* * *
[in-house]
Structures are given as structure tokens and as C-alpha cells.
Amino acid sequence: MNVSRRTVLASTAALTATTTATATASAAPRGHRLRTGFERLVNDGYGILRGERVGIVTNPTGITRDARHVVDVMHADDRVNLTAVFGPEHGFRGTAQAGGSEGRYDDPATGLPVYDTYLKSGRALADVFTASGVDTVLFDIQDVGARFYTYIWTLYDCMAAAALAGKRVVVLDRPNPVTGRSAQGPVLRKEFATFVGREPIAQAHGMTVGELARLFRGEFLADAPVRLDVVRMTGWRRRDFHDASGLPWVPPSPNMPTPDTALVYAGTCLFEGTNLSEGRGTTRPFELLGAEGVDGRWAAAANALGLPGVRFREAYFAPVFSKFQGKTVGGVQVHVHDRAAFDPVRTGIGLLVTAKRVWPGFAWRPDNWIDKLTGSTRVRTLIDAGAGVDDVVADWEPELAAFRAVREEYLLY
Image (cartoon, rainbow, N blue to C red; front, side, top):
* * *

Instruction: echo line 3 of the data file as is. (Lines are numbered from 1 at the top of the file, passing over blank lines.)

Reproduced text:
Amino acid sequence: MNVSRRTVLASTAALTATTTATATASAAPRGHRLRTGFERLVNDGYGILRGERVGIVTNPTGITRDARHVVDVMHADDRVNLTAVFGPEHGFRGTAQAGGSEGRYDDPATGLPVYDTYLKSGRALADVFTASGVDTVLFDIQDVGARFYTYIWTLYDCMAAAALAGKRVVVLDRPNPVTGRSAQGPVLRKEFATFVGREPIAQAHGMTVGELARLFRGEFLADAPVRLDVVRMTGWRRRDFHDASGLPWVPPSPNMPTPDTALVYAGTCLFEGTNLSEGRGTTRPFELLGAEGVDGRWAAAANALGLPGVRFREAYFAPVFSKFQGKTVGGVQVHVHDRAAFDPVRTGIGLLVTAKRVWPGFAWRPDNWIDKLTGSTRVRTLIDAGAGVDDVVADWEPELAAFRAVREEYLLY